New Zealand Dollar Declines Even as Inflation Beats Expectations

The New Zealand dollar declined today despite inflation data that came out better than was expected. There were several possible reasons for the currency’s decline, both domestic and global. Domestically, the monetary policy outlook remained dovish despite the better-than-expected inflation report. Globally, increasing geopolitical tensions between the United States and China over Hong Kong and the global economic slowdown lessened the appeal of riskier commodity-related currencies. Currencies of Australia and New Zealand were especially vulnerable due to the countries’ strong trading ties to China.
Statistics New Zealand reported that the Consumer Price Index rose 0.7% in the September quarter from the previous three months. Market participants were expecting the same 0.6% rate of growth as in the June quarter. With adjustments to seasonal variations, the CPI rose 0.5%. Year-on-year, the index rose 1.5%. That was a slower rate of growth than in the previous quarter (1.7%) but better than the consensus forecast (1.4%). The main contributors to the growth were housing and rising food prices.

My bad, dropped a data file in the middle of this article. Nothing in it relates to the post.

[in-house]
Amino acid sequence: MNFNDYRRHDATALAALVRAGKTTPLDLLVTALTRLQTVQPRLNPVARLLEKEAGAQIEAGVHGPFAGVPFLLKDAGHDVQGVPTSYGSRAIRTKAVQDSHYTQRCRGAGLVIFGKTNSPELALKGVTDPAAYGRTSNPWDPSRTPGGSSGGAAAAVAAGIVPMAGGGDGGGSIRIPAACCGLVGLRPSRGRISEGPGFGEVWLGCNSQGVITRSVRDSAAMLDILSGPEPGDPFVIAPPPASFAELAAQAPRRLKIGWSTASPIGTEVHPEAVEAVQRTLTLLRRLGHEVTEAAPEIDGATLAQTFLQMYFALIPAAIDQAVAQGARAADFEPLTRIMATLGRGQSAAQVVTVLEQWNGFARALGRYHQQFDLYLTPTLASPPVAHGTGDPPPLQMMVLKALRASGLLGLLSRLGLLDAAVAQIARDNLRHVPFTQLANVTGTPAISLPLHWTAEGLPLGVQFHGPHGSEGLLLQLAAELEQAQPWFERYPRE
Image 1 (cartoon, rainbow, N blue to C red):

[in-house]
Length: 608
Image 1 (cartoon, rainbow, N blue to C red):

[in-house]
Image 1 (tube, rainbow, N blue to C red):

Geoff Bascand, Deputy Governor of the Reserve Bank of New Zealand, said that additional interest rate cuts may be needed:

Lower rates still may be needed to achieve our inflation and maximum sustainable employment objectives.

Market participants speculated that today’s good inflation data reduced chances for a shockingly big cut by 50 basis points such as the one the RBNZ performed in August. But two or more smaller cuts by 25 basis points are still expected, one in November and another one sometime in the future, perhaps in February.
NZD/USD declined from 0.6290 to 0.6248 as of 11:19 GMT today, retreating from the daily high of 0.6319. EUR/NZD gained from 1.7518 to 1.7651, bouncing from the daily low of 1.7446. NZD/JPY declined from 68.47 to 67.94.

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